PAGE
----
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VIDEO: Highway 101 reopens in Kentville after closing for trapped transport truck

Tow truck cables are hooked beneath the frame of a transport truck on June 25 after it slid into and became stuck in the highway embankment along Highway 101 westbound, near marker 217 and exit 13.
Tow truck cables are hooked beneath the frame of a transport truck on June 25 after it slid into and became stuck in the highway embankment along Highway 101 westbound, near marker 217 and exit 13. - Sara Ericsson

All three lanes briefly closed as truck’s container jutted into traffic

KENTVILLE – Highway 101 has reopened in Kentville after closing when a transport truck became trapped and its container was blocking the road.

The Kentville Volunteer Fire Department and Kings District RCMP were called to the scene around 12:30 p.m. on June 25 after the truck’s wheels lodged into the gravel shoulder on the embankment near exit 13 heading westbound.

With its container angled out into oncoming traffic, firefighters quickly closed all three lanes of highway at highway marker 217.

The incident was not caused by hydroplaning, despite the day’s heavy rain. The driver, who felt ill, attempted to pull over onto the highway shoulder but became stuck as he did so, according to Martin.

“It was a soft shoulder, so he just got over a little too far. That’s all that contributed to this incident,” said Martin.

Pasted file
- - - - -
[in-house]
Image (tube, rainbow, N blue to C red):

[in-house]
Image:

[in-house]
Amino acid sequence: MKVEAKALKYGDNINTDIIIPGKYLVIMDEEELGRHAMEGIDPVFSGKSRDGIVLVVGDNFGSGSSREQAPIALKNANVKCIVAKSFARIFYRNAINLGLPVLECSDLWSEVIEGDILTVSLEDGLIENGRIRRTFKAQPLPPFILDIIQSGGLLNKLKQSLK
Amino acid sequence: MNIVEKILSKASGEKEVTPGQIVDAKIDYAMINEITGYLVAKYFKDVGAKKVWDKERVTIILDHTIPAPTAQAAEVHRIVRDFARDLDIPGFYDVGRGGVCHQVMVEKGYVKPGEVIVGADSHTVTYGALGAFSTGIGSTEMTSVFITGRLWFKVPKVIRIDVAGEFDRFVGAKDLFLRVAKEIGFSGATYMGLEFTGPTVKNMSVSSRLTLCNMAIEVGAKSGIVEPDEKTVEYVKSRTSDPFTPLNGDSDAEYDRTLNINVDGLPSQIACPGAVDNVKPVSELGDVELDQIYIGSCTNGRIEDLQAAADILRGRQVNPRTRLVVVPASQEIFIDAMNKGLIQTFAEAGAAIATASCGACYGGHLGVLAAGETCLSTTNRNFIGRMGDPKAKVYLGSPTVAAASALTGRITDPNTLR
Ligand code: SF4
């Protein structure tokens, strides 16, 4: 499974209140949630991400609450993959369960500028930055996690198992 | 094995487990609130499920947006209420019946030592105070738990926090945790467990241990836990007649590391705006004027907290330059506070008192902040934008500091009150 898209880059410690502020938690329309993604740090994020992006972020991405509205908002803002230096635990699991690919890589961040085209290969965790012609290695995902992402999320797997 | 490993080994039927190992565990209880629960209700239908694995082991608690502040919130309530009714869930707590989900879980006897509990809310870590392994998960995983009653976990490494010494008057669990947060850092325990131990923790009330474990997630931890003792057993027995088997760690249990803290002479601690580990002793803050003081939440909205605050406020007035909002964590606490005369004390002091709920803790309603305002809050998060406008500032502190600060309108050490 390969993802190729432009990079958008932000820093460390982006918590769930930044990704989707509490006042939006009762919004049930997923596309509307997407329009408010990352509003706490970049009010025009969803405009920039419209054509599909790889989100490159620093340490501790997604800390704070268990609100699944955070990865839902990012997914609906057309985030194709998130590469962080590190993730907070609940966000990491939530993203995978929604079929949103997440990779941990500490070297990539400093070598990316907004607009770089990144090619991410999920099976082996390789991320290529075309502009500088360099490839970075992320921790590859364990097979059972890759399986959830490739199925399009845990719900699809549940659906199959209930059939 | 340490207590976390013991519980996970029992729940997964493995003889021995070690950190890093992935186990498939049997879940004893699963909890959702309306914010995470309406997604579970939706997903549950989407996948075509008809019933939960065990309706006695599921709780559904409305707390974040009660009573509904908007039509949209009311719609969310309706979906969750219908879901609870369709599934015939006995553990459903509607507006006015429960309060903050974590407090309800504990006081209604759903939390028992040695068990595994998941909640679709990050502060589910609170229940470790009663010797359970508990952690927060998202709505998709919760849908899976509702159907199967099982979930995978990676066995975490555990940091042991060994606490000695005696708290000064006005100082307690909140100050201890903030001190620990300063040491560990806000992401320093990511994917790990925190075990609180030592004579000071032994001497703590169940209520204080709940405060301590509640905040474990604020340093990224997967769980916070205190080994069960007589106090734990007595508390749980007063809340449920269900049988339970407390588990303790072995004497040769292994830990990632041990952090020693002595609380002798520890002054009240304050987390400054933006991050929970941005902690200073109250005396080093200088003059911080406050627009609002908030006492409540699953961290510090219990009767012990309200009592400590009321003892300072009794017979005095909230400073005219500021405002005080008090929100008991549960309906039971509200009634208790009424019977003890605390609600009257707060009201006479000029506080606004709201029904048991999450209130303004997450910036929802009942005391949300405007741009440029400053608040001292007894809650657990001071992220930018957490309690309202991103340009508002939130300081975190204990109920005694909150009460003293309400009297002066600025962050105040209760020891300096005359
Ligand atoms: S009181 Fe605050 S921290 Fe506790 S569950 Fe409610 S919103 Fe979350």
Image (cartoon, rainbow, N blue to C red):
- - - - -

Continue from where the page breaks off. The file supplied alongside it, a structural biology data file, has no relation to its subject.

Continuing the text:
After a tow truck arrived to pull the transport vehicle back onto the pavement, Martin and other department members inspected the truck’s wheels and undercarriage before giving it the all clear to continue driving.

Kentville fire deputy chief Jeff Martin and another department member inspect the truck’s wheels and undercarriage for fluids and potential damage before giving it the all clear to continue driving.
Kentville fire deputy chief Jeff Martin and another department member inspect the truck’s wheels and undercarriage for fluids and potential damage before giving it the all clear to continue driving.

“Once it was back on the road we just went over and did the once over to make sure there were no fluids leaking and that it was safe to travel, and then we turned it back over to the driver,” he said.

The truck sustained no damage from the incident and was cleared to continue driving by 1 p.m.

A Department of Transportation and Infrastructure Renewal employee examined the shoulder and declared it safe before the highway was reopened at 1:15.

This was the department’s first vehicle-related call of the day, but Martin advised drivers to remain cautious since rain is expected to continue throughout the day.

“But with the heavy rain, you always have to watch for [hydroplaning],” he said.

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